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Submitted by Sam Asher on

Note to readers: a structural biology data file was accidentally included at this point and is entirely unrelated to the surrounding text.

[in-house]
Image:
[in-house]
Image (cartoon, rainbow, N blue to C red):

I was at a recent conference on structural transformation at Yale, at which Andrew Foster and Mark Rosenzweig presented a new (not yet) paper called Input Transaction Costs, Mechanization, and the Mis-allocation of Land: The Irrelevance of the IR. They've been working on this topic for a while and across a series of different papers, but the punchline here is that there's a U shaped relationship that is generally missed because surveys don't measure enough farms above 10 acres, which is where increasing returns to scale start to kick in in their data. They rationalize this with a model of fixed costs in hiring outside labor but also increasing returns to scale in capital (think bigger, more efficient tractors) that generate first a part of the farm size distribution with decreasing returns as farmers switch from inside to outside labor, then increasing returns as they mechanize more and more.